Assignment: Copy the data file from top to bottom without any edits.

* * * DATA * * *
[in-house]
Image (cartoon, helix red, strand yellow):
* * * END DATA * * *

[in-house]
Image (cartoon, helix red, strand yellow):